Hey there, building owners! Tony here, your FPL business expert and member of the Watt’s Team. For this month’s post, I invited a special guest to join me to tackle some specific questions about how commercial real estate (CRE) owners can save on their energy bill. CRE covers a wide range of building types, including multifamily, office, industrial, retail, hotels and mixed-use space. I asked my colleague Andy Marin, major & governmental account director at FPL, to answer a few of your top questions. Read on to learn more.
Q: Andy, most business owners know the largest portion of their energy bill is typically coming from the HVAC system; basically, their heating and cooling. What can owners of commercial real estate do to bring this cost down?
A: Well, the most obvious answer to this question is to raise the thermostat by a few degrees, but there are other tips when that either isn’t cutting it or isn’t possible due to the type of business. One great option is to install programmable thermostats, which can help reduce A/C usage during unoccupied hours. Also, if your building is shutdown or unoccupied, you may be able to reduce your outside air intake system and turn off or reduce exhaust air systems. Remember to always check local codes for minimums.
Q: That covers empty buildings. Can business owners save if their buildings are at partial occupancy?
A: There are several simple steps to take to help save on a building’s energy bill when it’s not operating at full capacity. First, be sure to unplug or turn off unnecessary appliances, such as breakroom equipment, computers, copy machines, water coolers, etc. Also, if only parts of the building are being used, consider consolidating and turning off unused refrigeration equipment, including vending machines and ice makers. Finally, turn off lights if they’re not needed for safety or emergency lighting purposes and adjust them where practical in parking lots and garages.
Q: While this all sounds great on paper, do you have any examples of a building owner who has successfully followed these steps and saved?
A: Of course! One great example would be Codina Partners, a real estate development, management and investment firm. At their 2020 Salzedo building, they saved from $1,000 to $1,500 a month on their energy bill between March and June of this past year by increasing the A/C temperature and turning off lights in unoccupied spaces.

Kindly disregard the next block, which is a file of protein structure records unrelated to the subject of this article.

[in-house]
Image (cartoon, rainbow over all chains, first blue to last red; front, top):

Q: If the building owner is on board with energy efficiency, how can they help get the rest of their team involved?
A: Great question, and I’d recommend making it a team effort. Consider engaging your employees to be part of an energy team committed to meeting energy-efficiency goals. Hold a companywide meeting and establish an energy awareness program. Having an owner or manager take a public pledge to improve energy efficiency can also make a big impact. We saw this work recently when a large food retailer and distributor with more than 300 stores implemented an ENERGY STAR® employee communication strategy and then saw a 3.2% reduction in energy use.
Q: Is there any specific information about how energy works that would be helpful for building owners, and really business owners in general, to understand to help save?
A: While it does get a little technical, I’d say one of the most important things for business owners to understand when it comes to their energy usage is demand. Demand is a term that describes how much electricity is used at any given moment. Most businesses have a meter that tracks and records the highest 30-minute level of electricity demand for each billing period. Using large bursts of energy over a few hours per day, versus using a steady amount across the entire billing period, puts more demand on the system and costs more.
Q: Thank you, Andy. For our last question, can you share any tips or tools that business owners can use to learn more about their energy usage and continue to save?
A: I’m glad you asked. FPL offers two different free tools for that exact purpose. The first is the free Business Expert Evaluation. Expert will audit your business’ energy use and deliver a free customized report with saving solutions tailored to your unique energy needs. Another great tool is the Business Energy Manager, which lets business owners take control of their energy usage and provides customized recommendations that can lead to savings of up to $500 a year.
As many buildings remain closed or functioning at limited capacity, we hope you can implement some of these tips to help keep your energy bills low. As always, you can find additional savings tips on the Watt’s Happening blog, with new articles posting each month.